Kretzmann: Definitely. And it's not surprising to see those nuances here, because John Malone and Liberty, they are the kings of spinoffs, mergers, all sorts of wonky deals to maximize the financial value of any sort of transactions like this. But that is a really interesting point. When you're approaching this acquisition, how can you make Pandora different from other streaming options? And whether it's through Liberty or Sirius, I think there are some ways that you could see that happening. Exactly what route they take, I think that's the question that'll be on shareholders' minds, if the offer is indeed made. But there are a lot of properties under that Liberty umbrella, beyond even Live Nation or Sirius, that could build more of a moat around that Pandora listener experience.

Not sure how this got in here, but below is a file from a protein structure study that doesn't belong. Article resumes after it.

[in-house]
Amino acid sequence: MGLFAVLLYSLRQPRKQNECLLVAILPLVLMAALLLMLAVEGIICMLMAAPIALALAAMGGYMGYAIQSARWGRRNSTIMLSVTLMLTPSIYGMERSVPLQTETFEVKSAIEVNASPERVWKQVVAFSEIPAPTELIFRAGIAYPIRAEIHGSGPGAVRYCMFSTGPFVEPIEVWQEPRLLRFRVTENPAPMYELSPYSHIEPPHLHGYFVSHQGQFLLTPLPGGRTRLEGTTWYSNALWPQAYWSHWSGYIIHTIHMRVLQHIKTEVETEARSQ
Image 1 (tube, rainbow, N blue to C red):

Lewis: So, certainly a lot to think about for Sirius shareholders. Pandora shareholders, yea or nay on this?
Kretzmann: I think, at this point, Pandora on its own has had no success, and they've been behind the competition moving toward that on-demand streaming option. Supposedly it's coming out. But if you have an offer from Sirius or Liberty, as far as media companies go, they're really the crown jewel. So, I would go for the offer.
Lewis: Yeah. I am a Pandora shareholder, I was thinking about getting out of my position a little while back, and then they made that Ticketfly acquisition, and I just thought it was so compelling. I love the online ticketing space. Right now, that business is only about 6% of their top line. So, it's not grown into a meaningful part. It's firing, I think it's what they expect, but the ramp for that to really take off is kind of long, and it's going to require some patience. So, my feeling is that a deal will probably come in around my cost basis, maybe slightly above it. That would be great. My general feeling with this is, like you said, Pandora has had plenty of time to try to figure it out as a company, and shareholders have given it a lot of leash. If someone else sees a lot of value in that property, let them roll with it and see what happens.